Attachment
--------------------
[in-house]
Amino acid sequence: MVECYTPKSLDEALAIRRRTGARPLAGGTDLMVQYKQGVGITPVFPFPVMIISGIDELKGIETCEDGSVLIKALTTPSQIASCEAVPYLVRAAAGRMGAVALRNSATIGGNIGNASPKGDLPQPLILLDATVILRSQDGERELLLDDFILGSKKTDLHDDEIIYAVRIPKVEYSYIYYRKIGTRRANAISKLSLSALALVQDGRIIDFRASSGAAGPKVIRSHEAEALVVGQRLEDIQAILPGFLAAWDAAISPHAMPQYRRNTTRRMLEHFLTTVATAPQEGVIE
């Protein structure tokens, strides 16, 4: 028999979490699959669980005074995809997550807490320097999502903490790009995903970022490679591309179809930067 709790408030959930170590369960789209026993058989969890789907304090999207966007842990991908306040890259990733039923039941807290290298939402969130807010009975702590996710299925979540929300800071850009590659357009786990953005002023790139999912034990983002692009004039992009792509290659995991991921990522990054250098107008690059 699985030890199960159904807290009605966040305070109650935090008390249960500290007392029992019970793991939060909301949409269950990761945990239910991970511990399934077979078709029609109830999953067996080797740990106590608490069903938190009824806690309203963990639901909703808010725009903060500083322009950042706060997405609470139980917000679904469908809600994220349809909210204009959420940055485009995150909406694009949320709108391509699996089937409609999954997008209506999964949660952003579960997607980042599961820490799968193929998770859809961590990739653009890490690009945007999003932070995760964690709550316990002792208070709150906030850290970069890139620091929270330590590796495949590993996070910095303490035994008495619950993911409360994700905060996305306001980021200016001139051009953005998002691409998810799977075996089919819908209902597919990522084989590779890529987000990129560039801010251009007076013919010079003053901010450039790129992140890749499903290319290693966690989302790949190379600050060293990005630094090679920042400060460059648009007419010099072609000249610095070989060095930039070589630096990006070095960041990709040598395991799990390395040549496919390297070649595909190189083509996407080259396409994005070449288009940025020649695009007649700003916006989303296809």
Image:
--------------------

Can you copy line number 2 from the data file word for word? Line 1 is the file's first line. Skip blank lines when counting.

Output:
Amino acid sequence: MVECYTPKSLDEALAIRRRTGARPLAGGTDLMVQYKQGVGITPVFPFPVMIISGIDELKGIETCEDGSVLIKALTTPSQIASCEAVPYLVRAAAGRMGAVALRNSATIGGNIGNASPKGDLPQPLILLDATVILRSQDGERELLLDDFILGSKKTDLHDDEIIYAVRIPKVEYSYIYYRKIGTRRANAISKLSLSALALVQDGRIIDFRASSGAAGPKVIRSHEAEALVVGQRLEDIQAILPGFLAAWDAAISPHAMPQYRRNTTRRMLEHFLTTVATAPQEGVIE